In this article I’ll describe the steps I took to design an exponential converter. YMMV of course, but I think this article is a good start and may provide some useful guidelines.
The following table shows the relation between Hertz and wavelength. These are the MIDI C notes per octave, in Hz with their corresponding wavelength in ms
8.1757989156 hz 122.312205856 ms 16.3515978313 hz 61.156102927 ms 32.7031956626 30.578051464 65.4063913251 15.289025732 130.8127826503 7.644512866 261.6255653006 3.822256433 523.2511306012 1.911128216 1046.5022612024 0.955564108 2093.0045224048 0.477782054
The required wavelength a capable VCO should be able to deliver thus lays between 122ms and 0.47ms. Experimenting with a slightly customised sawtooth generator (design below) shows the following relation between the (ideal) current source and the wavelength.
0.1ua -> 470ms 1ua -> 47ms 10ua -> 4.7ms 100ua -> 0.47ms (470us) 1000ua (1ma)-> 0.047ms
First, the slightly customised sawtooth VCO. The inverting Schmitt trigger in the sawtooth reset circuit guarantees a long enough reset pulse and thus a clean reset of the sawtooth waveform. The capacitor is too large, leading to a small distortion in the waveform. Will be fixed in updates.
The current source (exponential converter) must deliver a steady current between 0.1ua and 1000ua to the VCO to have to VCO achieve interesting musical abilities (enough octaves, very low frequencies, MIDI controllable). The deployment of an exponential converter in this current source is almost inevitable. Linear control, preferable digital through DAC’s or such, of a current source with such a bandwidth (0.1ua -> 1000ua) is very difficult.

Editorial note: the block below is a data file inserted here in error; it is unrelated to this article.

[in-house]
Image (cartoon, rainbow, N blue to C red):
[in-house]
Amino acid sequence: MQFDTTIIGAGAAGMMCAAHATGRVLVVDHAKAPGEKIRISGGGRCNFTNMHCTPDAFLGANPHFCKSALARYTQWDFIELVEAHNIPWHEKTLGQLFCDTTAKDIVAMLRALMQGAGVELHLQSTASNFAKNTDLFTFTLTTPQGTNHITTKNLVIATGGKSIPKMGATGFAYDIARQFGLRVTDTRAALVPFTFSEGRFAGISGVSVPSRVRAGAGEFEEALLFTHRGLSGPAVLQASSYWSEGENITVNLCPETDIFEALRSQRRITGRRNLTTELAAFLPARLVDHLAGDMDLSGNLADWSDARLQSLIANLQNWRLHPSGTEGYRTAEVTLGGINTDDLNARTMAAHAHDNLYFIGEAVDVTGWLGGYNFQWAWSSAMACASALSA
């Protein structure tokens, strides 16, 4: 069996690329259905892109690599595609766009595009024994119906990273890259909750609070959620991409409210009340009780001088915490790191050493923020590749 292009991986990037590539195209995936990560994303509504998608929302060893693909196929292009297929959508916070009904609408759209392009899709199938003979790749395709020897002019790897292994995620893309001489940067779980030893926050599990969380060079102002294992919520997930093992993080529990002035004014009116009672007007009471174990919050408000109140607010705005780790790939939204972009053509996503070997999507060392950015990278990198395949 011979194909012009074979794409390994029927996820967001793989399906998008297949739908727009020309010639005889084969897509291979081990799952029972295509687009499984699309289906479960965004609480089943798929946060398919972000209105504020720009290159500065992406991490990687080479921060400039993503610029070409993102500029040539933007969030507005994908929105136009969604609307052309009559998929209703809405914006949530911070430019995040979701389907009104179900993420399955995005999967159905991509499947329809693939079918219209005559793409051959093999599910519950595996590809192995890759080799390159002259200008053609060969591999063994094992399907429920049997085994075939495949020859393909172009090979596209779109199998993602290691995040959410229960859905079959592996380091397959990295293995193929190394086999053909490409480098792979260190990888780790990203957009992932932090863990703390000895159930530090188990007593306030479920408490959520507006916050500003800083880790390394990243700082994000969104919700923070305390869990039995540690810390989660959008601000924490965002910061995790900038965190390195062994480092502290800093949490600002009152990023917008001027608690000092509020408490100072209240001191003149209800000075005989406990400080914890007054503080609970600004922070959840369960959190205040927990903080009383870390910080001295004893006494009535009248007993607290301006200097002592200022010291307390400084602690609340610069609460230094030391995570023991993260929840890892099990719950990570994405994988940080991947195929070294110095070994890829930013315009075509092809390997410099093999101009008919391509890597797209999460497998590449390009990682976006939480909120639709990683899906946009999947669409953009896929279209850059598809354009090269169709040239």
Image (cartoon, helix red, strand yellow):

The circuit of the exponential converter:
The formula for the exponential part of the converter is iout = iref * exp(-Vb/Vt) where vt = 26mV.
iref runs over R1 => iref = Vref / Rref = 15V / 1000000ohm = 0.000015A = 15uA. To achieve an output current of 0.1ua (the VCO will generate a 470ms waveform) => 0.1 = 15 * exp(-Vb/26) => Vb = 130mV. Some calculations of Vb in the required bandwidth of 0.1ua and 1000ua:
wavelength: current -> required voltage 470: 0.1ua -> 130mV 235: 0.2ua -> 111mV 118: 0.4ua -> 94mV 59: 0.8ua -> 76mV 30: 1.6ua -> 58mV 15: 3.2ua -> 40mV 8: 5.9ua -> 24mV 4: 11.75ua -> 6mV 2: 24ua -> -12mV 1: 47ua -> -30mV 0.5: 94ua -> -48mV 0.25: 188ua -> -66mV
This leads to a relation between linear voltage and exponential current! Required to translate a difference of 1 volt to a musical difference of 1 octave (which is a exponential scale).
The voltage into the exponential converter will thus have a 1V/octave scaling and start at 0 volts (130mV) up to 12 volts (-66mV). The base voltage will be 130mV. The voltage scaling opamp will have to scale the incoming voltage (0-12V) to a -18mV per Volt. This voltage is buffered by an opamp follower and a voltage summer then combines the base voltage and the voltage scaler voltage (note to self: make the 1k in the summer smaller for a more precise summer).
The exponential converter takes this voltage (in V4) and transforms it into a current source following calculations above. Temperature drifting and transistor matching have not been explored in full. For now the CA3046 is deployed. Temperature compensation is probably achievable by driving the other transistors in the CA3046 to a certain temp (like in the Moog Prodigy).